Home » Posts tagged 'Meadowbrook Ballroom'

Tag Archives: Meadowbrook Ballroom

Categories for posts

Meadowbrook, Cedar Grove, June 1951


Willie Smith and Harold Baker are soloing in Sophisticated Lady

To complete our series of broadcasts from the Meadowbrook in New Jersey, we can now present to the DESS members, in the Goodies Room, the final recording from this venue. For this event, discographies do not specify the exact date, only June 1951. According to the New DESOR, it was once issued on VOA POD-41/POD-42, but the exact circumstances are not known. VOA stands for Voice Of America, so this music was probably sent over its own network.

Like all previous recordings from Meadowbrook in June 1951, this one also comes from an MBS broadcast. The following numbers were played:

All Day Long*Sophisticated Lady*The Hawk Talks*Midriff*Just A-Sittin’ And A-Rockin’*Caravan (more…)

Meadowbrook, Cedar Grove, New Jersey, June 9, 1951


Sultry Serenade We continue our visits to Frank Dailey’s Meadowbrook in Cedar Grove NJ. The date is now June 9, 1951 and this time we offer a program that is slightly longer than the previous ones.

This is because we have put together two different tapes from this date into one, which have all known surviving recordings made at this occasion and in the order they were played.

The first part is not known to have been broadcasted, whereas the second part is from an MBS broadcast. Above you can listen to a fine rendition of Sultry Serenade by Britt Woodman, but to listen to the rest of these fine performances you will have to be a DESS-member and go to the Goodies Room. (more…)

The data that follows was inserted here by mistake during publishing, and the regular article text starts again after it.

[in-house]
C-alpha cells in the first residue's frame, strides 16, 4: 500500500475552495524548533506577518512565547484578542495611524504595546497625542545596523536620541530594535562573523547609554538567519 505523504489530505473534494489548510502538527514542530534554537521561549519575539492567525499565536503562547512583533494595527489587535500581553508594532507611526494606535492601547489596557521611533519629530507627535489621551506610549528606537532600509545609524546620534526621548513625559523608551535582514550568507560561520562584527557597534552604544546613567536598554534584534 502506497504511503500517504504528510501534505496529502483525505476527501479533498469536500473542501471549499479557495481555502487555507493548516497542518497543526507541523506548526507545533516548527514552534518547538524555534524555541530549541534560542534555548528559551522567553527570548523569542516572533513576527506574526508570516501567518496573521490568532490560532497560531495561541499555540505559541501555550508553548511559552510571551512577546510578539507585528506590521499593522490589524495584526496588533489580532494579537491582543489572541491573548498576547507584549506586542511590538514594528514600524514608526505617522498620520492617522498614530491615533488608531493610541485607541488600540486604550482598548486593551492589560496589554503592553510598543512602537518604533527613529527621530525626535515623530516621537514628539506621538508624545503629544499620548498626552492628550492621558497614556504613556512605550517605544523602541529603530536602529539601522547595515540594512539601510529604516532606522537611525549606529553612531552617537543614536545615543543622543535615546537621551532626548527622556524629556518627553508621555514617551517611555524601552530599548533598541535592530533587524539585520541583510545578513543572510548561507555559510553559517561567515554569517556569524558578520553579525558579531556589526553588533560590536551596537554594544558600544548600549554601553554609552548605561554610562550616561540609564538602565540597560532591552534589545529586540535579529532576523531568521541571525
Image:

Meadowbrook, Cedar Grove, New Jersey, June 6, 1951


The second surviving MBS broadcast (June 6, 1951) from Frank Dailey’s Meadowbrook is one of the goodies in the “Goodies of the Month” section of the website.

After the theme and introduction, we hear the second part of  THE TATTOOED BRIDE called Aberdeen with beautiful clarinet playing by Jimmy Hamilton. Indian Summer is next, this time with an alto solo (one of his best)  by Willie Smith showing why Duke wanted him in his band.

Love You Madly  is sung by Norma Oldham, Ellington’s new female singer, who has a pleasant voice but had a short stay with the orchestra.

Juan Tizol is soloing in his own composition Moonlight Fiesta, which was one of his feature numbers alsos with the Harry James orchestra. We then hear the first recorded performance of Billy Strayhorn’s All Day Long , perhaps not one of his most well-known compositions but typical of his writing and arranging.

After Al Hibbler’s rendition of I Let A Song Go Out Of My Heart, it is time for Louie Bellson’s probably most well-known composition, The Hawk Talks. Bellson did not have Coleman Hawkins in mind when he wrote it. Instead it is dedicated to Harry James, his former employer.Next comes an unusual version of Take The A Train with an impressive solo in slow tempo by Paul Gonsalves. At the absence of Johnny Hodges, some of the other musicians also got the chance at playing slow ballads and similar tunes.

DESS members are welcome to “the Goodies Month” section to listen to and download this broadcast.

%d bloggers like this: